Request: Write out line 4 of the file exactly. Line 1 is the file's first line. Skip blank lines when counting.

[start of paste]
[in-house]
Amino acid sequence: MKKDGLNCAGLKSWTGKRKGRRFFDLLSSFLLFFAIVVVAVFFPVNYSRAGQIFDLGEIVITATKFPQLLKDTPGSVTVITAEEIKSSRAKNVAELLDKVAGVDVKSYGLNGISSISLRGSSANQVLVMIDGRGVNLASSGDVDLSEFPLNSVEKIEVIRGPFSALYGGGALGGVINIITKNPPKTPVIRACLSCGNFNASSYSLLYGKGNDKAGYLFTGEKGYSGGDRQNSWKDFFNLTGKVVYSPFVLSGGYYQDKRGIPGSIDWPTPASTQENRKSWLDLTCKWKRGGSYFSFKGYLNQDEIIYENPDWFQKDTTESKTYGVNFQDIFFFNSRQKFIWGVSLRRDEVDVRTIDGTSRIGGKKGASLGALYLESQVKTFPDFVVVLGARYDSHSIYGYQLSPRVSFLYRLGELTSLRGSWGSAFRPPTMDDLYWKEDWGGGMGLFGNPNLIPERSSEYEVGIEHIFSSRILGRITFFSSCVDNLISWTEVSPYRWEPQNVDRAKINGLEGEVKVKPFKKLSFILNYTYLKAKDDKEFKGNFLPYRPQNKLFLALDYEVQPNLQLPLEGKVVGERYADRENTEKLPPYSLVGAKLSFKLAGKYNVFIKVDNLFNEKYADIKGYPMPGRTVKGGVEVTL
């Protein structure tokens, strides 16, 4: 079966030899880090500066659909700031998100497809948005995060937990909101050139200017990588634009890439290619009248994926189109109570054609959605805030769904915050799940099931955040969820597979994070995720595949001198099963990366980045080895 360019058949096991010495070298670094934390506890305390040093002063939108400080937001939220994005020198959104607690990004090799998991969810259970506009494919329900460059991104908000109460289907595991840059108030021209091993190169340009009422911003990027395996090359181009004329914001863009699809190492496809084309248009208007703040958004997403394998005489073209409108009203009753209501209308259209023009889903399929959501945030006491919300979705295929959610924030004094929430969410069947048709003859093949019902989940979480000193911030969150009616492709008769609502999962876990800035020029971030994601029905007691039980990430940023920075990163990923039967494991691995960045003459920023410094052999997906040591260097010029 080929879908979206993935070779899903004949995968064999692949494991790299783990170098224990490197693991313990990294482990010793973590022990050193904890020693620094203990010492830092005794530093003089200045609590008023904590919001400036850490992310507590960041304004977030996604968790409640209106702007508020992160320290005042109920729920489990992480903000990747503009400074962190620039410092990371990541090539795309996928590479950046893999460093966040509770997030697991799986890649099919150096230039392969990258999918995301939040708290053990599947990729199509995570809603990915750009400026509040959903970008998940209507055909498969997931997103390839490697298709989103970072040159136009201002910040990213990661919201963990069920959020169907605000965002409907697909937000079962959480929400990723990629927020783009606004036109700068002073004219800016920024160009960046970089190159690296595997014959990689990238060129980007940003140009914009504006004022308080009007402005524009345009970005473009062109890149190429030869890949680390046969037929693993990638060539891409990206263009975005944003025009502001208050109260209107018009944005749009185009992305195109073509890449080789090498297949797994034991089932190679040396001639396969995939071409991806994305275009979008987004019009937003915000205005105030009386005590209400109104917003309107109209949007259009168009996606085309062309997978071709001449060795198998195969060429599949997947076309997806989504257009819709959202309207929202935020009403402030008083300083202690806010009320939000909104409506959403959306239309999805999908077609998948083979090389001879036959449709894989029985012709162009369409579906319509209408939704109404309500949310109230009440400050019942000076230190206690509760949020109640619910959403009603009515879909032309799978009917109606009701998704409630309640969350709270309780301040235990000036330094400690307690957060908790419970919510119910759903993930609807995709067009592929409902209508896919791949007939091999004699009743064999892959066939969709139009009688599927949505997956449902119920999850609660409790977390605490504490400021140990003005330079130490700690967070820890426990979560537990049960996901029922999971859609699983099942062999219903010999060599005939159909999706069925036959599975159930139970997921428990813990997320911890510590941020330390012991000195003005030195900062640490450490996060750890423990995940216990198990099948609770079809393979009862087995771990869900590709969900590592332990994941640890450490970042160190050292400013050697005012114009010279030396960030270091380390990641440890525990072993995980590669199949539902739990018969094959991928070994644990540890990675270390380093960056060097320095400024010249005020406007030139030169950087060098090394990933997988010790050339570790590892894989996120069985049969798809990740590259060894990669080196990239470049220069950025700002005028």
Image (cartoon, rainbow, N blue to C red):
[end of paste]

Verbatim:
Image (cartoon, rainbow, N blue to C red):